The coupling shank 2 comprises an elongated frustoconical clamping portion 3 formed integrally at its wider end with the cutting head 1 and at its narrower end with a substantially cylindrical, screw threaded portion 4. The screw threaded portion 4 is formed with a pair of diametrically opposed, longitudinally truncated portions 5 (only one of which is seen in FIG. 1 of the drawings) having substantially planar surfaces and being interposed between substantially curved, cylindrical portions 6 on whose arcuate surfaces a non-continuous screw threading 7 is formed.
A key slot 8 is formed in an end face of the cylindrical screw threaded portion 4.
The screw threading 7, whilst being non-continuous, nevertheless follows the contour of a full helical screw threading, extending around the arcuate surfaces of the screw threaded portion 4. The peripheral extent of these arcuate surfaces occupy between 50 to 85% (preferably 60 to 70%) of the total peripheral extent of a complete cylinder.
FIG. 7 shows an embodiment similar to that shown in FIGS. 1 and 2, except for the shape of the threaded portion. In FIG. 7, the cutting head 1' includes a clamping portion 3' and a screw-threaded portion 4'. The screw-threaded portion 4', in turn, defines a curved conical portion 6', which forms part of a substantially right conical body, as opposed to a right circular cylindrical body of the construction of FIGS. 1 and 2. The screw-threaded portion 4' of the embodiment of FIG. 7 also includes planar portions 5' as included in the embodiment of FIGS. 1 and 2.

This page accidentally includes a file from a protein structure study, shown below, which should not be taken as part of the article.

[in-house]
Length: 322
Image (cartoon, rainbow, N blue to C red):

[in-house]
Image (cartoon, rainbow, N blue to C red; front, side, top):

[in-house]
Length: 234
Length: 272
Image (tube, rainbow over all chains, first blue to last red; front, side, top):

As seen in FIG. 2 of the drawings, the insert is screw coupled within a longitudinally extending bore 11 formed in a tool holder 12.
An outer end 13 of the bore 11 has a conically tapering form corresponding to the conical shape of the clamping portion 3 of the coupling shank 2. This conically tapering portion tapers from the outer extremity of the tool holder 12 towards an inner screw threaded portion 14 of the bore 11.
The coupling shank 2 of the insert is inserted into the bore 11 of the tool holder 12 and its screw threaded portion 4 is screw coupled to the internal threaded portion 14 of the bore 11, thereby drawing the conical clamping portion 3 of the insert into clamping contact with the corresponding conically tapering wall 13 of the tool holder 12. It will be appreciated that in order to ensure effective retention of the shank within the tool holder during rotational operation of the tool the threading helix must be directed in the same sense as that of the rotation of the tool.